• Keep checking often, because the granola can go from golden brown to burned quickly!
  7. Mix in dried fruit, other add-ins, or seasonings as desired. Let the granola cool for about 5-10 minutes, then scoop it into a large bowl. Stir in as much and as many kinds of dried fruit as you like—raisins, dried cranberries, and dried cherries are just some of your options. Taste the granola and decide if you want to add any seasoning—maybe a pinch of salt, a spoonful of sugar, or flavors like cinnamon or vanilla.[7]

    • If you’re adding chocolate chips or another add-in that you don’t want to melt, make sure the granola is completely cooled before mixing it in.

[Edit]Coconut Cashew Almond Granola

  1. Mix the dry ingredients while you preheat the oven. Set the oven to , then grab a large bowl and stir the dry ingredients together with a wooden spoon or your hand. Use the following:[8]

    • 3 c (775 g) rolled oats.
    • 1 c (225 g) slivered almonds.
    • 1 c (225 g) cashews.
    • 0.75 c (170 g) shredded sweet coconut.
    • 0.25 c (56 g) plus 2 tbsp (28 g) dark brown sugar.
  2. Combine the wet ingredients (plus salt) in a medium bowl. Pour the liquids and the salt in a separate bowl from the dry ingredients, then stir them together with a wooden spoon. The wet ingredients include:[9]

    • plus maple syrup.
    • vegetable oil.
    • ¾ tsp (3.6 g) salt—while this is obviously a dry ingredient, mixing it into the wet ingredients first helps incorporate it evenly throughout the granola.
  3. Mix the wet and dry ingredients together thoroughly. Pour the medium bowl of wet ingredients into the large bowl of dry ingredients, then stir them together with your hand or a wooden spoon. Make sure to give the dry ingredients an even coating of the maple syrup and oil mixture.[10]

    • Don’t be afraid to use your hand as a mixing tool—just make sure you wash it first!
  4. Pour the granola onto a sheet pan and bake it for about 75 minutes. Use a rimmed baking sheet and spread the granola out evenly. Every 15 minutes, remove the pan from the oven and stir around the granola to ensure even browning. After 1 hour, check the granola often to make sure it doesn’t over-brown. Remove it promptly when it’s golden brown.[11]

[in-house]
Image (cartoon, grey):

• You can try increasing the temperature to and reducing the baking time to 45 minutes, but you’ll run a slightly greater risk of burning some of the granola.
  5. Stir in 1 c (225 g) of raisins when the mixture cools. After 5-10 minutes of cooling, scoop the granola into a large bowl. Then, mix in the raisins.[12]

    • This granola tastes great slightly warm, but don’t store it in a sealed container until it is completely cooled to room temperature.

[Edit]Storing and Serving Granola

  1. Store fully-cooled granola in an airtight container. A glass jar with a screw-top lid is great for storing granola, but a zip-close bag will do the job as well. Just make sure the granola is completely cooled first![13]

    • Warm granola will release moisture inside the sealed container, ruining the granola’s delightful crunch.
  2. Keep the granola sealed in a cool, dry place for up to 1 month. Your pantry is a great place to keep your granola. Make sure you seal it back up tightly after each use, and it should last for a month—if you haven’t eaten it all before then![14]

    • If you’re giving granola as a gift—in small screw-top jars, for instance—add a tag with a use-by date.
  3. Enjoy your homemade granola! It’s great with yogurt, as a breakfast cereal with milk, and on ice cream. Or, just grab a handful for a quick snack![15]

    • Once you start making your own granola, you’ll probably never want to settle for the store-bought stuff again.


  • Search “make granola” on wikiHow for some great granola recipe ideas.

[Edit]Related wikiHows


[Edit]Quick Summary